This week’s news that more of the UK high street has succumbed to the pressures of modern retailing demonstrates the scale of the challenge many are facing as they look to re-invent themselves.
The question of relevance should be front and centre – what problem are you solving for your customers and what is the solution you are offering them?
Was a big box all-under-one-roof out-of-town solution addressing a problem that today’s toy shopper has?
In a similar vein, did a high-street electronics retailer with a lack of differentiating USP (unique selling point) and arguably non-competitive prices stand a chance against today’s online giants?
Many of yesterday’s high-street centred customer problems were based around range, price and location:
- Is there a decent range to choose from?
- Is it available at a reasonable enough price to offset the effort to go into other stores and compare?
- Is the item I want available at the location I’m going to?
Multichannel retail has offered plenty of solutions to these problems, with the ability to search an endless assortment of products, compare prices at the touch of a screen, and order for delivery to pretty much anywhere you might want. Today, competing on price, assortment and delivery options puts you in the ring with the likes of Amazon and eBay – not a nice place to be.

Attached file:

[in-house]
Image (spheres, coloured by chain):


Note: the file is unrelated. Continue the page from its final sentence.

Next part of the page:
So what can retailers do? Look for other variables to compete on, such as brand, service and innovation. By changing the game and looking to solve different problems there are opportunities for retailers to re-invent themselves:
- What does this brand say about me?
- Is the level of service I receive worth paying more for?
- Is this an experience that I’m willing to invest my time and money in?
As range, price and location become hygiene factors, the questions above become more relevant to the problems today’s customers are looking to solve.
Tomorrow’s battles need to be fought on different terms if retailers are set to survive – starting with asking the tough question – how relevant are we?